The Minnesota service provider Enventis is rolling out an expanded suite of cloud and enterprise services this week in hopes of bolstering its chances of becoming the IT brains for small and midsized businesses across its network footprint.
Enventis (NASDAQ: ENVE) operates a 4,200-mile fiber network that spans Minnesota and portions of Iowa, North Dakota, South Dakota, and Wisconsin. It expanded its portfolio to include an infrastructure-as-a-service application called Cloud Compute; a storage and disaster recovery solution called Data Protection; and Cloud WiFi, a monitoring platform for managing business wireless networks. The company also added messaging, video, and mobile features to its SingleLink hosted unified communication service.
All the services are targeted at what Enventis categorizes as the commercial business segment -- companies with 25-1,000 users.
"Think about the IT needs of the customers in that market: They can't afford to have specialists in all the areas we're talking about," says Darren Peterson, vice president of product marketing at Enventis. "The value of these kinds of services is that you don't need an expert. We provide that."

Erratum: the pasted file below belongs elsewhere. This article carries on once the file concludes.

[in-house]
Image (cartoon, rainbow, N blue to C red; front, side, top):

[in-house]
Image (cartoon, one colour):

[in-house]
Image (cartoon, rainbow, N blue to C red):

With companies of all stripes trying to sell cloud services to SMBs, Enventis will have to contend with everyone from cable operators to larger telcos to dedicated cloud providers. Peterson represented Enventis on a small carrier strategy panel at Light Reading's Big Telecom Event last week. During the panel discussion, he said being local is one of the strongest differentiators in the crowded SMB market. (See Small Telcos Don't Want Your Pity.)
"Most businesses still like to buy from people they know and people in their community," he says. "We find that to be true for most of our customers. If we're on par with our competitors, we're going to get the business."
Local sales, local service provisioning, and local customer support all make a difference, especially for businesses that are still leery of making the jump to cloud-based services. "You're going to have customers that are used to the service and can go buy it anywhere, but a broader base is still transitioning to cloud services. That's an area where we bring value. We help with that."
Being more local might help Enventis compete with larger operators like CenturyLink, Peterson says, but owning and operating the network also sets the provider apart from cloud providers like Amazon and Rackspace. "Driving these sorts of services over the top of our network is going to fundamentally change the way our customers use the network."
(See additional coverage from BTE at this special event site.)
— Jason Meyers, Utility Communications Editor, Light Reading